Sometimes it seems as if the political situation in Tanzania is taking turns few anticipated, attempting to deliver results few thought possible. Last week is no exception.
Like out of the blue, the ruling party’s top political body, dubbed the National Executive Committee (NEC), came out last week and told the public that this was the case Government to revive the constitutional process, which was suspended some 10 years ago when Jakaya Kikwete was President.
At the behest of the new leader, President Samia Suluhu, the old machinery of Chama Cha Mapinduzi ( CCM) changed tack on this important issue.
Many of us didn’t see this coming, although it’s fair to say we should have.
The reason why was not so clear in his coming, but the palpable resistance on the part of the ruling party to any talk pointing to constitutional reform.
The explanation can be found in so many factors , but let’s say , Rule number one in such matters is that the turkey can hardly vote for Christmas.
It is c The traditional wisdom that the country’s main opposition forces have been sufficiently clear on the need for a new constitutional dispensation to abolish those aspects of the Constitution they have been vocal against, one of which is the extremely centralized powers in their hands the President, making him or her what they call an “Imperial President”.
For those who may not understand this, an explanation is in order: the President of Tanzania, of course, appoints the cabinet without the appointments being questioned.
Then he/she appoints the chief secretaries of the ministries; the commissioners, directors, deputy directors in government departments; the regional officers, the district officers, the executives at district and district level; all executives of parastatal and specialized agencies; Chiefs of Defense, Security, and just about anyone in public office.
The problem here is that all of these officers are never overseen and scrutinized by any committee or council.
These presidential appointments effectively give the president the power to choose who he/she likes, even if he/she cannot tell the appointee from Adam.
Under the current constitution, though election results for MPs and district councils this can be challenged in court, the results of the presidential election are not contestable.
Even worse, a president was elected by a simple majority following a curious amendment by Benjamin Mkapa in 1996, when he was president will, which means we could have it elect a president with just 10 percent of the vote, even less.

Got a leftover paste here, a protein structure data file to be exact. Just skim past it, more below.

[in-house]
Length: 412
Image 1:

It’s not even clear if the president pays taxes, which is the most important duty e is every citizen.
< p>The President of Tanzania is obviously above the law and is effectively a king/queen. One can see where those calling for a new constitution are coming from.
But there is more. The main opposition party has for some time posited strong local government, with local citizens electing their leaders and rulers.
This would reverse the current President’s practice of selecting a native from the southernmost part of the country, to serve as governor of a northernmost district he/she doesn’t know or care about, and so on.
There are so many other obvious discrepancies in the constitutional dispensation and the governance practices in this country and these must be addressed in any conversation that President Samia intends to start at this point. Furthermore, any serious discussion of the Constitution must consider a number of these issues.
I do not expect the ruling CCM party willingly to nullify the very agreements that have benefited them, which sometimes allows them to to reap where they never planted. How can anyone expect these people to give up all of that just because they’ve finally traveled the road to Damascus and seen the light.
There will have to be some tough negotiations in this exchange, and many educational ones Work needs to be done because there are too many gaps in what our people, including those who wish to be political leaders, understand what constitutional revision entails.
It’s not going to be easy, and Samia might find that she’s bitten off more than she can chew or swallow, and the steepest obstacles to jump over will most likely come from her own party, which is too advanced in the entrenched anti-democracy culture for us to believe that they suddenly changed places.
Timeo danaos et porta ferentes, said the old Latins. I fear the Greeks even when they bring gifts. Those familiar with the story of the Trojan Horse understand the full meaning of this saying, and I suppose they will be alert to these questions at all times as they follow the constitutional debates, if indeed those debates are taking place.’ /p>
Meanwhile, the Ngorongoro/Loliondo saga rages on unabated and further eruptions cannot be ruled out.
Jenerali Ulimwengu is now on YouTube via Jenaalionline tv. Email: [emailprotected]